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8 Tips for Taking Better Pictures of Your Baby

Want to capture better pictures of your baby? Me Ra Koh shares her tips!

Me Ra Koh shares her tips for taking better pictures of your baby!

Those Chunky, Adorably Baby Legs (9-12 month old)
What wouldn’t you give to have those chunky baby legs never disappear, especially those thighs? As your baby approaches his first birthday, you’ll be amazed at how she starts to slim down. So capture those big, kissable, squeezable baby legs as early on as possible!

chunky baby legs

When to take: Any time baby is awake during daylight hours.

Prep: Find a table or countertop with great window light. Ideally there will be a simple background that won’t distract from baby’s thighs. Then put your baby in a white onesie or plain diaper. I like the diaper because it allows us to see that big tummy and belly-button. If the diaper has a design and it bothers you, a white Onesie will fix that.

For P&S Users: Turn off your flash, and put your camera in Portrait mode. Experiment by setting your point-and-shoot to the black-and-white mode. Black and white seems to help the thighs pop out more. As I said earlier, I prefer to change my images to black-and-white on the computer, but why not experiment with your point-and-shoot and see what it can do!

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For DSLR Users: Turn your flash off. Put your camera in Aperture Priority mode and dial your f-stop down to f/2.2. If you can only go down to a f/5.6, f/4.5 or f/3.8, don’t be discouraged. As long as your background is clear of distracting objects, you will be okay. If you need more light, bump up your ISO. If you don’t like the grain from the higher ISO, try taking this shot outside on a warm afternoon instead.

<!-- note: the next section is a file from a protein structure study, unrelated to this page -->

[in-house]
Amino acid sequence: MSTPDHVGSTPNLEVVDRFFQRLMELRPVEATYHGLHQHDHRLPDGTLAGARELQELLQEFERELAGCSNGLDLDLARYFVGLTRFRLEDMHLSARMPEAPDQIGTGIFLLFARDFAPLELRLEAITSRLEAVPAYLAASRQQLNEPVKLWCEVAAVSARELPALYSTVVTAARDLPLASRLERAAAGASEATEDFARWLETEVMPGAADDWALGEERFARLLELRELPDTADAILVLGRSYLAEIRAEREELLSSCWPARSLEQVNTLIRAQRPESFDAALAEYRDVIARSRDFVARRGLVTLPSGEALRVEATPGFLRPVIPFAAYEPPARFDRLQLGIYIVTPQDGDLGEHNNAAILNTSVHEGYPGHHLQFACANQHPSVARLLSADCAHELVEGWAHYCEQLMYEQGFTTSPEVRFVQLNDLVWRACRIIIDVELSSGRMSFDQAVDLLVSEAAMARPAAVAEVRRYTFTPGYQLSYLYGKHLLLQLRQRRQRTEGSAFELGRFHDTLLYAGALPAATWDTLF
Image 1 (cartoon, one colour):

Compose: Have your spouse, friend, or spotter hold up baby from the side. Ask them to lift their elbows so they don’t appear in the photo. A vertical photo accentuates the upward motion of baby standing up. Think about the Rule of Thirds with this photo: The bottom two-thirds are all about baby’s chubby legs; the upper third is baby’s tummy. Notice how I framed the image at the top so it doesn’t cut baby off at the shoulders or neckline. It’s important to not frame your subject so her joints are cut off. If you move a little above or below the joints or shoulders, the composition will look more natural.

Capture: Focus on baby’s legs, their diaper, or her belly button—all three will work great. Play around and see what you like best!

Extra Tip for Source: Have your helper wear all black. This baby’s mom wore a simple black dress. Since I was shooting with a low f-stop, her black dress was blurred. Voila! I’ve got my professional looking backdrop without having to set one up! When working with babies, efficiency and simplicity are key.

Want to know more? Check out Me Ra's book!

Your Baby in Pictures by Me Ra Koh

About Me Ra Koh
Me Ra Koh loves cameras, kids and parents, and spends her life bringing them together. Her work and Photo-Recipes have been featured on national television several times, including the "The Oprah Winfrey Show." She is a regular expert for NBC’s The Nate Berkus Show, empowering viewers with her photo tips and enthusiasm. Her newly released, bestselling book, “Your Baby in Pictures: The New Parent’s Guide to Photographing Your Baby’s First Year” is now available at your local bookstore or online. She is also proud to be a SONY Artisan of Imagery. To learn more about Me Ra, visit her blog at



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